The St. Louis Blues renew their rivalry with the Chicago Blackhawks early in the 2017-18 season. However, regardless of recent success, there is still the image of inferiority.
The St. Louis Blues are considered a small market team in the grand scheme of things. We don’t think of ourselves as being one of the minnows, but when simply comparing money flow and population, the Blues don’t have the advantages of some of their rivals.
The Chicago Blackhawks are a prime example. They have a larger stadium, potentially a larger following (especially with the bandwagon fans but let us not speak of that) and an ownership group that opened their checkbooks to lock up some of the game’s biggest stars.
The St. Louis Blues have a star of their own, which they were smart enough to lock up for a good while. Even so, there is always this perception that the Blues are playing catch up. It always seems like they are the little brother to the Blackhawks.
Even back in the team’s start the image was founded early. If not for the owners of the Chicago Blackhawks, the Blues might not exist.
Arthur Wirtz owned both the Blackhawks and the St. Louis Arena (along with James Norris) at the time of NHL expansion. He influenced the league to give a team to St. Louis instead of Baltimore, mainly in an effort to rid himself of an already aging arena.
So, at their birth the Blues were already looking up at the Blackhawks. It would be some time before that would even think about changing.
The Blues began in 1967-68. It was not until 1966-67 that St. Louis won a regular season series against the Hawks.
Even then, it was a blip on the screen. The Blues finished 6-6-1 in 1981-82 and 4-3-1 in 1983-84. All other seasons prior and between were taken by Chicago.
1987-88 was the year that turned things around. Not coincidentally, that was around when Brett Hull arrived as well. (On a side note, how fitting was it for this rivalry to have the son of one of Chicago’s most famous players end up in St. Louis?)
That season started two straight years of winning, a playoff series win and five of seven years where the Blues won the regular season series. It was not a fluke or due to Chicago being down.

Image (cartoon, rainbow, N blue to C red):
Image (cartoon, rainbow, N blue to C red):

The Blackhawks had some awesome teams in the early 90’s that really put the rivalry into overdrive. From 1988 through 1993, the Blues faced Chicago every year in the playoffs except one. The Blues started to shed the image just a little bit.
More from Editorials
- St. Louis Blues Need Kasperi Kapanen To Be On Best Behavior
- Hayes’ Debut And Other Bold Predictions for the St. Louis Blues
- St. Louis Blues Captaincy Is Suddenly A Huge Problem For 2023-24
- St. Louis Blues National Games Cause More Problems Than They’re Worth
- St. Louis Blues Brayden Schenn Has To Be An Impact Player In 2023-24
It would not happen again until the spring of 2001. After that it was just as long a wait until 2014. By then, things had changed.
The Blues were the dominant team in the early 2000’s. Then Chicago took the league over while the Blues were struggling in the late 2000’s and early 10’s.
Now that both teams are good again, the rivalry has regained its place in the league. Unfortunately that little brother image returned as well.
No matter how well the Blues do, they seem to always get that pat on the head from condescending Blackhawks fans. That smug little reaction of you’ll get there someday champ or the constant reminder of how they’ve won more than you.
That feeling that the NHL and NBC Sports, the league’s current national television partner, share that mentality is aggravating as well. Still, that’s part of rivalries and why we enjoy the NHL.
The league’s current set up allows for enough player movement to keep free agency viable without having revolving doors for each team. There are enough Blues and Blackhawks that have been in each city to truly know what the rivalry is now. That makes it much more fun.
Even if they want to discount the accomplishment, like any little brother knows, it was sweet to defeat them. That game 7 win a couple years ago could only have been eclipsed if the team had won it all.
It’s up to the Blues to shed the rest of the image. A win in the season’s first game between the two would be a good step.
Maybe we will always be Chicago’s little brother in terms of image. The truth of the matter is the Blues have more playoff wins the last few seasons. Chicago can talk about their rings and point to the trophy case, but that just keeps little brother hungry.